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The Daily Wildcat

The Daily Wildcat


Isaac Hing breaks mental barriers to unlock his potential

Stan Liu/Arizona Athletics
April 8, 2017. Junior Isaac Hing during the Jim Click Shootout. Drachman Stadium, Tucson, AZ.

University of Arizona track and field sprinter Isaac Hing has mastered turning the pressure of performing well into a cool, calm and collected trance of pre-race meditation. 

He might not spill his secret right away, but the redshirt senior starts by getting into the proper mentality.

 “I think about how lucky I am to be here, and the nerves just go away. It’s unbelievable,” Hing said. 

Hing has set a handful of personal records throughout his track career at Arizona thanks to his level head just moments before competition. His strong-willed mentality keeps him focused, but not too anxious to cross the finish line.

This is the way Hing chooses to treat his final year racing for the Wildcats. 

After redshirting as a walk-on in 2015, Hing spent countless hours training to improve his times and impress his coaches. As a result, Hing’s sophomore season produced personal bests in multiple races. 

However, Hing’s progressions seemed to run out of momentum by the time his junior season rolled around. 

“I thought I was going to have a really superb junior year, but things just weren’t clicking,” Hing said. “I was in a rut.”

Hing’s mental struggles continued throughout much of the 2017 campaign, but he didn’t let that discourage him from achieving his goals. He managed to shave off nearly a tenth of a second from his 100-meter time and posted a personal best 21.66 in the 200-meter. 

Still, Hing felt off mentally. Heading into his senior season, Hing knew he needed to change his approach.

“As the same as really every other sport, a rut is mental for the most part. Once I changed my mindset, I started seeing better results on the track,” Hing said.

Since then, the sprinter has adopted a new outlook on collegiate sports, and he admitted it has become the key to his success.  

“Everything here is about performance and how well you run when the timer starts. You naturally put a lot of pressure on yourself. But then I took a step back and realized how blessed I am to be doing this,” Hing said.

Hing stressed that this new perspective, one that’s focused on not putting too much pressure on himself, has allowed the sprinter to unlock levels of his potential he hadn’t even considered to exist before. 

Reaching a new level may seem like a stretch when thinking about the infinite number of collegiate athletes who could be strategizing the same way. But Hing isn’t like most other NCAA competitors.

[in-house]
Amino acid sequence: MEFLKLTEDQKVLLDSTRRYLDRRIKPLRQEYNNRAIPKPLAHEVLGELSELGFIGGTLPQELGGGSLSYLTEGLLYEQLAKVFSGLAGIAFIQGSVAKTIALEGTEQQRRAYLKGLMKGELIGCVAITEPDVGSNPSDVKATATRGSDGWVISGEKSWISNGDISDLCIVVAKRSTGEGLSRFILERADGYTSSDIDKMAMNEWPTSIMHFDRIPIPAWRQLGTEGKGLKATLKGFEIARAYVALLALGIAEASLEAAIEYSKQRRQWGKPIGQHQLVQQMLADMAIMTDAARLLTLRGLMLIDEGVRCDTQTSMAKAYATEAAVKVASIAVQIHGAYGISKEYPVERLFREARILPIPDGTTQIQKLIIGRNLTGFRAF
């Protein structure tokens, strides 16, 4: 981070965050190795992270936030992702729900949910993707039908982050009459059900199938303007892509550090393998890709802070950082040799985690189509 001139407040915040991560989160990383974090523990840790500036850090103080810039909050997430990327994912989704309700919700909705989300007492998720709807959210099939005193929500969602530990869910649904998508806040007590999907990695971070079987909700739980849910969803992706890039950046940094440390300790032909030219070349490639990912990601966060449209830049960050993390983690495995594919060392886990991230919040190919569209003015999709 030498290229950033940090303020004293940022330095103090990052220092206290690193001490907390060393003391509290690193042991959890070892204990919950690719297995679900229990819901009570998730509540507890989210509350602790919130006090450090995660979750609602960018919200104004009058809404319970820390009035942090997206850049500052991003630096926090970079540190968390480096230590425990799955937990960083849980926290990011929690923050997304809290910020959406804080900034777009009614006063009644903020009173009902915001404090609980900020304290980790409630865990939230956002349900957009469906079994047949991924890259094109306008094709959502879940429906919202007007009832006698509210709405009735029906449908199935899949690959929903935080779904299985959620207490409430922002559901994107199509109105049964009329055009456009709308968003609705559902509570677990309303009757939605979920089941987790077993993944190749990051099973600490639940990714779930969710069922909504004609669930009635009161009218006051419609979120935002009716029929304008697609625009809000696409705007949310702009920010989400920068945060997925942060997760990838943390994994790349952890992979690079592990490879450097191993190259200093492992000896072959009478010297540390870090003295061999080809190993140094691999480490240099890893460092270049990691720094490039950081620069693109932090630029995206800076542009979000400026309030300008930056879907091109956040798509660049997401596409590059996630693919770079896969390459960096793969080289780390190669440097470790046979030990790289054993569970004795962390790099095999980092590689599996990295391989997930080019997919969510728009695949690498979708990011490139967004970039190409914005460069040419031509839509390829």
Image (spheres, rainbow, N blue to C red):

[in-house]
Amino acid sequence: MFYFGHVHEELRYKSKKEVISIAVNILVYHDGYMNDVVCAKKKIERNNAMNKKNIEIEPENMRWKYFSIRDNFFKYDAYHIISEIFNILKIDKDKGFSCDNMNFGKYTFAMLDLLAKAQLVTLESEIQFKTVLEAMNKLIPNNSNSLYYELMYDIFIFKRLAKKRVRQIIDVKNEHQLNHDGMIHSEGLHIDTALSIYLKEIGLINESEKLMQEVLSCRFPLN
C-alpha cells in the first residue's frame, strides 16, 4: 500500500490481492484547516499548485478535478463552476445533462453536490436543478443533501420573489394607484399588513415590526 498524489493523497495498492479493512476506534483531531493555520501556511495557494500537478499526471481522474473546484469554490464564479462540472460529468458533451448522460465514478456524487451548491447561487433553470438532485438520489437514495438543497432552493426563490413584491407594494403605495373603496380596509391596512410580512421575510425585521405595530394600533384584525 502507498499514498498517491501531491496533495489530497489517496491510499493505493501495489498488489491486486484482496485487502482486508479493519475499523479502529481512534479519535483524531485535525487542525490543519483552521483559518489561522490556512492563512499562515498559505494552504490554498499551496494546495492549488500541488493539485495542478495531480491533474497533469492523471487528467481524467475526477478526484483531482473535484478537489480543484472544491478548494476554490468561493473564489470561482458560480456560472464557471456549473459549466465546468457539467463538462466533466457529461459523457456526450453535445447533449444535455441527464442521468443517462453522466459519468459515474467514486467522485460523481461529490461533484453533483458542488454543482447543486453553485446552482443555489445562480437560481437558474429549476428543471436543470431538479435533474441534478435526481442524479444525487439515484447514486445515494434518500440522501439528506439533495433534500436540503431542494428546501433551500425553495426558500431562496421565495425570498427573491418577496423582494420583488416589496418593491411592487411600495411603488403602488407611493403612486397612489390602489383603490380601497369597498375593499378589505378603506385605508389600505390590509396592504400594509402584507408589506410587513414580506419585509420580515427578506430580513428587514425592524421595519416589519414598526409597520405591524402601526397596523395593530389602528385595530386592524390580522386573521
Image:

Born in Malaysia, Hing spent his youth and prep career at an international school in Shanghai, China. It was there he developed his speed and athleticism, except it wasn’t on the track. 

Hing’s sport of choice was rugby. In fact, he starred as a winger, catching the ball and racing down the pitch, using his speed to outrun opponents. 

It wasn’t long before his school’s track coach came pleading after Hing, begging the teen to make better use of his innate running ability. Hing joined, and in no time at all, he became one of Shanghai’s premier 400-meter runners. 

His next step was embarking on a journey to the United States.

Hing’s decision to enroll at the University of Arizona was more or less an act of fate. His father, along with several aunts and uncles, had lived in Tucson earlier in their lives. Now it was time for Hing to extend his relatives’ legacy, as well as create his own. 

After being admitted into the UA, Hing went out of his way to reach out to the track and field program. 

“I was already accepted here and just figured that I should make the most of my experience. I thought that I could make this team stronger, and I still believe that,” Hing said.

There was never any lack of effort on Hing’s end. He eventually earned a scholarship and is now looking to put an exclamation point on his career at the UA. 

Hing is finishing up the indoor season, and soon he’ll gear up to attack the outdoor season with the same peace of mind that has propelled him to one personal record after another. 

“I’m here to score some points for coach [Francesca] Green and coach [Fred] Harvey and the rest of my team,” Hing said.

Follow Rob Kleifield on Twitter

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